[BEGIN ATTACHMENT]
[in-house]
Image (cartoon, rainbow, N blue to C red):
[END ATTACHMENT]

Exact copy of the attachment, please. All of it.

[in-house]
Image (cartoon, rainbow, N blue to C red):